Dover, which became the state capital in 1777, boasts a pleasant historic district based around a central square known as The Green. The 1792 State House that looks out onto The Green is well worth a visit for its picture-postcard location and excellent interpretive tour. Hotel-wise, though, Dover is one of those places where you have no option but to head for the nearest major highway – in this case U.S. Route 13 – and choose your lodging from among the usual mid-market chains.
Actually, that’s not strictly true. If you’re into gambling, horse racing or NASCAR, there’s the huge Dover Downs complex with its hotel and casino just outside of town, but none of those attractions do it for me.
From here we continue our journey south, now on Delaware Route 1, the “Coastal Highway.” And indeed, after making its way through more gentle green countryside, the road does eventually turn into a coastal highway, although you’d be hard pressed to know this without looking at a map; sand dunes bar the view to the Atlantic in all but a very few places.
From the occasional glimpsed view of the beaches, this southernmost section of peninsular Delaware looks the kind of place that families come back to year after year for long summers of swimming, fishing and dusting the sand off peanut butter and jelly sandwiches. The last time I was on an Atlantic beach was as a child in the summer of ’68; take away the modern SUVs and people carriers and I could be right back there.
Sadly, the spell is broken as we cross from peninsular Delaware into Maryland and the windswept sand dunes give way to the sheer awfulness of Ocean City, a 9-mile strip of hotels, motels, fast-food joints, amusement parks and All the Crab Legs You Can Eat eateries. I guess the people enjoying the beauty of the beaches a few miles back need somewhere to stay, but the contrast between the two places could not be greater.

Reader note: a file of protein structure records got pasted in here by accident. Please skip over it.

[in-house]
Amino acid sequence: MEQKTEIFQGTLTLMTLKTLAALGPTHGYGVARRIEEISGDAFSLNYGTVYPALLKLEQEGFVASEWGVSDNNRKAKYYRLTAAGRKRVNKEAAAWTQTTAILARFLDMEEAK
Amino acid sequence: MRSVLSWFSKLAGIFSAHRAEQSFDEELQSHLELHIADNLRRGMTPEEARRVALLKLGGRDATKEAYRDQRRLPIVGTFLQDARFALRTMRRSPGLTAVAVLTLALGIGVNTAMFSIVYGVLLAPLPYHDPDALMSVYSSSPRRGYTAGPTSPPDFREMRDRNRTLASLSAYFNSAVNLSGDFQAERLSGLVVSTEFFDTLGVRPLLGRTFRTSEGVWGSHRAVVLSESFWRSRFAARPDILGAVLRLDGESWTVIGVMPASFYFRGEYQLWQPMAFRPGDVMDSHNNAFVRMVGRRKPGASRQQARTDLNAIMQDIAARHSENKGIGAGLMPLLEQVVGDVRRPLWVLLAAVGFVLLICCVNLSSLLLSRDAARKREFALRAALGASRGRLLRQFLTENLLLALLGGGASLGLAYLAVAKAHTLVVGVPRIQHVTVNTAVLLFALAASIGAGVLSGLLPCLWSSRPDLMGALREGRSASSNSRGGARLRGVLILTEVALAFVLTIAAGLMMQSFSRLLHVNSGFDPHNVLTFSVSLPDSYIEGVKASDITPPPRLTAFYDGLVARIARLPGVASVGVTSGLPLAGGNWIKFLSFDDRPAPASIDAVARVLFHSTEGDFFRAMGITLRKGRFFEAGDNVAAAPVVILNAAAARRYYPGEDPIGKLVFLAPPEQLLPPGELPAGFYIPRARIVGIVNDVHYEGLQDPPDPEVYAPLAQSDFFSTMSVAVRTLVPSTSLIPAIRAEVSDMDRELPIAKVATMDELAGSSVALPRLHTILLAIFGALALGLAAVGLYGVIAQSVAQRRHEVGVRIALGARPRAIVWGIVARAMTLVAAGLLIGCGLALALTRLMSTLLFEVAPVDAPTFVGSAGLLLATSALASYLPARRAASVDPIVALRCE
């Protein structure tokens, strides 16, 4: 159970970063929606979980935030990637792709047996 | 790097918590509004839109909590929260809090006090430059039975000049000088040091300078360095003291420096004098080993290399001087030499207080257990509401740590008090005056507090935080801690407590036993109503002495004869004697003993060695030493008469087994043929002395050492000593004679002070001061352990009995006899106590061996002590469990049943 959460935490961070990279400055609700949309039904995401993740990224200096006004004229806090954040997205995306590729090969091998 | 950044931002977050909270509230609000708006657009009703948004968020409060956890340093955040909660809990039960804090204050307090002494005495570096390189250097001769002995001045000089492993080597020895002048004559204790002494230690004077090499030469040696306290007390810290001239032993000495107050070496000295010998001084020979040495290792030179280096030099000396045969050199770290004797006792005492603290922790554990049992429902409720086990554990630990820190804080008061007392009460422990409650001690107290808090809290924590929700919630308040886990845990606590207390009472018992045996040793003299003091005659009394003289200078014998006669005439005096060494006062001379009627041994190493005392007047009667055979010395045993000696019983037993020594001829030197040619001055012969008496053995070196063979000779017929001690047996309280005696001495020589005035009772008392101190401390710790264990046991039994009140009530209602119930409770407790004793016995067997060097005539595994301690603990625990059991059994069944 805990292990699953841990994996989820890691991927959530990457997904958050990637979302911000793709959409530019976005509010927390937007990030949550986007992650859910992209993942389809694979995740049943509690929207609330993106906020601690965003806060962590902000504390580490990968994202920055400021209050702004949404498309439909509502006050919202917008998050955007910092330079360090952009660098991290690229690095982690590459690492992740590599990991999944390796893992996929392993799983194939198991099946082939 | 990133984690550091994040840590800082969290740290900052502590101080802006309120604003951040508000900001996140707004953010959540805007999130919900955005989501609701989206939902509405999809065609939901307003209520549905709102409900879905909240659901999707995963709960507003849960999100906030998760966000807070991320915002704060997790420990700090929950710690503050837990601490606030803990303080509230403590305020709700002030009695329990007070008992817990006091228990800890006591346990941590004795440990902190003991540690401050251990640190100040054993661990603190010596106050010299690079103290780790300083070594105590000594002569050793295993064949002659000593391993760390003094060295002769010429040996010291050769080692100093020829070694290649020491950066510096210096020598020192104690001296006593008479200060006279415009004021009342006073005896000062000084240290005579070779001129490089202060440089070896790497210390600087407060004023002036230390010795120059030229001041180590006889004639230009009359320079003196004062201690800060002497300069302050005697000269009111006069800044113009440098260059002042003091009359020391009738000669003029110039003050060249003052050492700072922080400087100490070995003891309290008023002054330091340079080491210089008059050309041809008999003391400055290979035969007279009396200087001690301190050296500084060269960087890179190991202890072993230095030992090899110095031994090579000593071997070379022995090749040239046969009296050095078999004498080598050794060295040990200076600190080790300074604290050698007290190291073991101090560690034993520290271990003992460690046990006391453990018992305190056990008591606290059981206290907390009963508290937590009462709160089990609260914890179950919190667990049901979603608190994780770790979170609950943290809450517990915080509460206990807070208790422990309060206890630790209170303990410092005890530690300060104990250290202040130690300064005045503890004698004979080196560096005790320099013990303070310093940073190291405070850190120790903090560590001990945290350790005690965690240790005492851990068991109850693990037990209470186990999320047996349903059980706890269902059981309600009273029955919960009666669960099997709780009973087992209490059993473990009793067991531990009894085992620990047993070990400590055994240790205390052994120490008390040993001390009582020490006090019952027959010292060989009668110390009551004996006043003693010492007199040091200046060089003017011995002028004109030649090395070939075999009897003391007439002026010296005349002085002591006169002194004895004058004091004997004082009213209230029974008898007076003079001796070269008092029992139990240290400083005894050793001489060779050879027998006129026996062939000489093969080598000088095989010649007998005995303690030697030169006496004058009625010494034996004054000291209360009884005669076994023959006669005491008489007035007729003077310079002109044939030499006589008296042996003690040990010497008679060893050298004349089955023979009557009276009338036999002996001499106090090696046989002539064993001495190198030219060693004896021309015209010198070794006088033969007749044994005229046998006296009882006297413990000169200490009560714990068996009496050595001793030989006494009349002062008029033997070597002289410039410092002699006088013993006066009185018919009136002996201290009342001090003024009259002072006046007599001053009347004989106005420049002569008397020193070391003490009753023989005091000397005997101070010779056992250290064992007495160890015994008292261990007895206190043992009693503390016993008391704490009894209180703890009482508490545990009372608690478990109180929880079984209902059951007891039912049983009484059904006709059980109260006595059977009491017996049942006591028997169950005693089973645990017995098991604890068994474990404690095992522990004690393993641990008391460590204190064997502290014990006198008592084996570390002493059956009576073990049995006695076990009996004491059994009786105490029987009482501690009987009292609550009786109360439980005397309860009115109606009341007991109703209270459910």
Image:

Well actually, it could. Arrive at the Virginia state line 40 miles further south and there might as well be a sign saying “Welcome to Dixieland, Y’All.” Instead, there’s a store packed to the ceilings with T-shirts, baseball caps, lighters and other assorted tat, all carrying variations on the themes of “Kiss My Rebel Ass” and “It’s a Redneck Thang.”
OK, it’s obviously aimed at visiting tourists but a store like this does sit incongruously in an area where racially based social deprivation is immediately apparent. Instead of high-rise condos and endless opportunities to spend, there are poor black shantytowns and derelict stores, motels and gas stations. It’s a culture shock to be driving past people living in shacks so nailed together and shaky-looking that you double-take to check they’re not a National Park Service reconstruction.